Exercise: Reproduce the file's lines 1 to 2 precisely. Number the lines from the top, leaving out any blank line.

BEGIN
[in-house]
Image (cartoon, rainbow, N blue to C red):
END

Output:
[in-house]
Image (cartoon, rainbow, N blue to C red):